Voila, lunch is served (love when I don't have to do the preparing!):



And I generally can't have a meal without some greenery involved:



A simple spinach salad with broccoli, cauliflower, and basalmic vinaigrette,
along with my delicious grab n' go.  Perfect.



So good.

After eating, I played with my boys a while then put 'em down for naps.  During naptime I always scan Pinterest and food blogs to see what else trips my trigger.  I noticed a recipe on one of my boards from yesterday's perusing, Pumpkin Gingersnap Cookies.  Somehow I couldn't get 'em out of my brain.  I scanned the ingredient list and, shock and awe, I had all the necessary items.

A-baking-I-shall-go.

I made them, of course.


Wow.  These things may have just surpassed my family's recipe.
That's not an easy feat. 
Plus, I like knowing there's produce in my dessert.
Makes me feel better about partaking in a half dozen few of these bad boys :)
They're small.  Don't think about it.



What's your favorite grab and go-to item/s?
Have you tried Pinterest yet?
Have a favorite fall treat?

As always, eager to hear.

What's in a name?

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Every once in a while I find a recipe in a magazine or elsewhere that intrigues me.

Generally it is something I wouldn't normally try, or just plain sounds interesting and unlike anything I normally create.  Recently while looking through Cooking Light, one of the many food mags I subscribe to, I noticed one that seemed quirky.

For our family, anyway.

However it had relatively few ingredients, all of which I had on hand, and could be made simply.  I like that combo.

I decided to try it.  Though it's one of those recipes I believe could use a more worthy title.  The name of the recipe itself sounds, well, gross. 

Ham Bread Pudding. 

Yeah.  Does that sounds disgusting to anyone else?  Maybe it's just me.  I'm normally very anti-bread pudding.  It's mushy and goopy and often  has bloated raisins somewhere inside.  NOT my dessert item of choice.    Yet the photo of this savory (not sweet) "pudding" revealed a very tasty-looking dish.  I decided to forgive the recipe's name-founder and give it a shot.  It deserved a chance.

I'm glad I did.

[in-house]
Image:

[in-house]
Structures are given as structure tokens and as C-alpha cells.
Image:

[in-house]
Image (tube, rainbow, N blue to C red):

This stuff is amazing.  SO amazing.  Like, melt-in-your-mouth incredible.  No goop, no mush, perfect blend of savory ham, green onion, and hearty multi-grain bread- not to mention it's nicely portioned out in individual ramekins.

I love ramekins.  Does anyone else?  I have a bit of infatuation with them.  Shh, don't tell.

Anyway.

This was a great find, loved by both my husband and two year old son (not a frequent occurrence these days) and nicely re-heated as a leftover meal.  I highly, HIGHLY recommend it.  Let's get started, shall we?

Savory Ham n' Cheddar Bread Pudding

Ingredients
-8 oz multigrain bread with seeds, cut in 3/4" cubes (it's VERY important that this is good bread, very grainy & seedy.  Please, please, do not use commercial white or wheat bread- if you do, your final product will. be. mush.!).
-cooking spray
- 3/4 Cup shredded sharp cheddar cheese, divided
- 1/4 Cup chopped green onions, divided
- 3/4 Cup milk
- 1/4 Cup low-sodium chicken broth
- 1/8 tsp ground black pepper
- 3 oz ham steak, minced
- 2 large egg yolks, lightly beaten
- 3 large egg whites
- 4 tsp sour cream or plain Greek yogurt (optional)

Instructions
1. Preheat oven to 375
2. Place bread cubes on a sheet pan; coat with cooking spray.  Bake at 375 for 10 minutes or until lightly toasted, turning once.  Remove from oven; cool.
3. Combine bread, 1/2 cup cheese, 3 Tbsp onions, and the next 5 ingredients (through egg yolks) in a large bowl.  Place egg whites in a small bowl, and beat with a mixer at high speed until foamy (about 30 seconds).  Gently fold egg whites into bread mixture.
4.  Spoon about 1 cup bread mixture into each of 4 (7oz) ramekins coated with cooking spray.  Divide the remaining 1/4 cup cheese and green onions evenly among the ramekins.  Bake at 375 for 20 min or until lightly browned.  Top each serving with 1 tsp sour cream or plain Greek yogurt.  Serve it up alongside some veggies and you're good to go!


Cube up your hearty, grainy bread:


 I adore grainy bread.  Adore it.


Get all your ingredients ready, cooking-show style.
Did you know the French call this "mise en place"? 
Your fact bite for the day :)


Chop up your ham.
I again used Beeler's Farm ham steak.
I love that place.  Pork from a few miles down the road.
Nothin' beats that!



 Mix up all your ingredients in a bowl.



 Portion the mixture out into your adorable ramekins.
I love ramekins.
Even the name is cute.
Okay, I'm done.



Top with cheese and more green onion.
Doesn't that look good?
It's not even baked off yet.
Wait for it...



Ahhh there she is. 
Perfect with a side of garden fresh green beans and a big ol' sweet potato w/butter and a touch of maple syrup.
 


Trust me on this one, folks.
It's an incredibly satisfying, tasty meal.
The stick-to-yer-ribs kind.

I'm glad I didn't judge the dish by the name.
What a sad loss that would have been.
Though I think they should pay me to name their dishes...
Just a thought.

Cooking Light, are you out there?
I'm available for hire.


My First Pinterest Endeavor...

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****UPDATE**** After eating it I found the original recipe (from Pinterest) to be far too sweet for my taste.  Next time I will cut down the sugar to 1/4 cup.  With the Hershey's bar, sugar, sweetened condensed milk, and chocolate chips it was just. too. much.  I like sugar but not to the extent that it kills my tastebuds!  I'd also maybe swap out the chocolate chips or the Hershey's Cookies n' Creme bar for a dark chocolate variety to make it slightly less overpowering.  But you be the judge...

For those of you who haven't yet discovered Pinterest, well, you might want to look into it.  It's an ingenius cataloging system of epic proportions.  You can "pin" just about anything from wool socks to poems to exotic animals- anything that interests you, really.  Many use it for DIY inspiration, kids activity ideas, and my personal fav- recipes.